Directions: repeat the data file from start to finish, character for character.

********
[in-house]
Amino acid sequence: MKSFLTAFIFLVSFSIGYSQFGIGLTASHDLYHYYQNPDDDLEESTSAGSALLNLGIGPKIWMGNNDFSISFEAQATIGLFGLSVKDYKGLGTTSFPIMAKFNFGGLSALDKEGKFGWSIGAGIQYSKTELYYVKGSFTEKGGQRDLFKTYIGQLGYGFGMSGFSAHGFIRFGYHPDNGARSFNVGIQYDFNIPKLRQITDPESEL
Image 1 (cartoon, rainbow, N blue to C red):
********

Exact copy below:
[in-house]
Amino acid sequence: MKSFLTAFIFLVSFSIGYSQFGIGLTASHDLYHYYQNPDDDLEESTSAGSALLNLGIGPKIWMGNNDFSISFEAQATIGLFGLSVKDYKGLGTTSFPIMAKFNFGGLSALDKEGKFGWSIGAGIQYSKTELYYVKGSFTEKGGQRDLFKTYIGQLGYGFGMSGFSAHGFIRFGYHPDNGARSFNVGIQYDFNIPKLRQITDPESEL
Image 1 (cartoon, rainbow, N blue to C red):